Echinocandins (caspofungin, micafungin, and anidulafungin) are highly active against most Candida species, including C glabrata and C krusei.5 In addition to their broad-spectrum activity against Candida species, these agents have minimal adverse effects, making them common first-line choices for candidemia and invasive candidiasis. However, current guidelines do not recommend the use of echinocandins for Candida UTI, because these drugs do not achieve significant concentrations in urine. The urinary concentration of caspofungin is only 1.4% of the plasma concentration, and the urinary concentration of micafungin is even lower (0.7% of the plasma concentration).6 Anidulafungin urinary concentrations are <0.1% of plasma concentrations. Despite these low urinary excretion rates, echinocandins have been used to treat candiduria successfully in some cases.5 The remainder of this article will explore the evidence for echinocandin use in UTI.
A number of case reports and case series have been published describing the use of echinocandins in fungal UTI (Table 1).7-16 Micafungin has been most commonly used, although caspofungin use has also been reported. Most of the patients in these case reports were infected with C glabrata or C albicans. In the majority of cases, echinocandin treatment was successful in eradicating candiduria and resolving symptoms.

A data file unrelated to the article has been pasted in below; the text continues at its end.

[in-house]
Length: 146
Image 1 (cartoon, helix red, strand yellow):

It is still unclear how echinocandins may successfully treat UTI despite their poor urinary excretion rates. In the candidiasis treatment guidelines, it is noted that echinocandins may be useful for infection that is localized to the kidneys (ie, infection acquired through hematogenous spread), because they are able to attain good concentrations in renal tissue.5 Authors of one report suggest that, although micafungin has a low urinary excretion rate, it may still be effective in UTI because it achieves plasma concentrations that are high enough to generate therapeutic urinary concentrations.10 These authors measured urinary concentrations of micafungin in 6 patients with fungal UTI and tried to correlate the urinary maximum concentration (Cmax)/minimum inhibitory concentration (MIC) ratio to clinical efficacy. Plasma Cmax/MIC ratios ≥4 have been previously correlated with clinical efficacy of micafungin; in this study, the urine Cmax/MIC ratio was ≥4 for all but 1 patient. All patients who attained a urine Cmax/MIC ratio ≥4 had success with micafungin treatment, while the single patient who did not achieve this target experienced therapeutic failure.
Although the majority of patients presented in case reports had success with echinocandin treatment, the overall number of patients studied remains low, and it is possible that negative findings were less likely to be reported and published than positive findings. The preliminary results from these case reports are promising, but further studies are required to establish echinocandins as effective, reliable treatment options for fungal UTI.
Table 1. Summary of reports describing echinocandin use for fungal UTI.
|62-year-old male with history of liver-kidney transplant presenting with chronic symptomatic candiduria
Systemic and urinary symptoms present, but blood cultures were sterile
|C krusei||Micafungin 150 mg IV daily for 31 days||Cured
After 31 days of therapy, the patient’s systemic and urinary symptoms were completely resolved and no recurrence was reported